Forest TV

a place that lives in your heart

Sometimes late at night I wander onto our porch. The sky is dotted with stars so bright it feels as though you could lassoe each one and bring them down to earth.

Other nights the stars explode into whispy balls of energy that disappear in the blink of an eye. Majestic theatre caught in the thread of a moment so brief and yet so powerful that its memory is etched in the recesses of my mind.

Beyond the grassy slope that lies at an angle to the horizontal points of reference, is the forest canopy. Deer dart in and out of this blanket of darkness shrouded by pine and cedar. The elemental dance of these gently creatures is poetic. The dance differs with age as the youthful spotted babies jump high in the air with an exuberant flair.

Older and wiser deer gaze upon their children with a watchful eye as gaurdians of this unique space in time. If an animal could smile it would be the mama and papa deer sensing the short lived dance of the fawn.

Many nights the darkness is alive with the chirping of the crickets. Usually, the males are the “singers.” The male cricket rubs a scraper against a series of wrinkles, or “flies”, on the other wing. The tone of the chirping depends upon the distance between the wrinkles. This “singing” is the sound of the Forest TV with a chorus that includes the warning squeal from the deer or the barking of the coyote.

Certain times of the year each animal provides the Forest TV with different sounds and volumes. In March it is the ribbit from the frogs, so loud that you’d think the amphibians were huge in stature. However, when cornered most of the frogs are less than two inches in lenght. Proportionately there are few animals, reptiles, birds, or amphibians that can equal this melodic bass volume.

In mid September through mid-October it is the trumpet from the Elk during mating season.  The majestic bugle sound from the male Elk beckons the female to mate. This dance can be captured live on Forest TV for your viewing pleasure. Each choreographed sequence of moves is a ritual that is passed down from generation to generation. The beauty of these movements between these large, attractive beasts, can not be overstated.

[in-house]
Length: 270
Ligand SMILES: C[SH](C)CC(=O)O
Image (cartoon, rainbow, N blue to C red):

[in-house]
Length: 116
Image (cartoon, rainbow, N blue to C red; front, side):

As the Forest TV changes from Fall to Winter to Spring and finally Summer, the topography of the landscape dramatically moves across barron scenery to lush vegetation. Each change brings new animals into the screen.

I silently view this display of movement and sound as the mystery of life beyond view comes to light. And in that light are the animals that are just rising to the occasion. Others are bedding down in their lair after a predetory search for the unsuspecting dinner.

The beauty of predator and prey is nature’s dance of balance. Within the screen as viewed from the Forest TV we see that life beyond our existence is a table set with the cat and mouse game between species. The herbevoire and the carnevoire see the world in two different perspectives.

One is the gentle deer while the other is the agressive cougar. Each views the world within a sphere of a couple hundred miles. Both live together in harmony until they don’t. Then the aggressor either misses the prey and doesn’t eat or feasts on the body of an unsuspecting victim.

The Forest TV captures all that passes within the frame of our vission. Any one of us can behold nature within the confines of the world we view. Either as a spectator or a hunter for sport or sustenance.

We are the only species that sometimes hunts just for a trophy. Our agressive nature puts us at the head of the food chain while all others either hide or proceed cautiously in our presence. To whom much is given… much is required.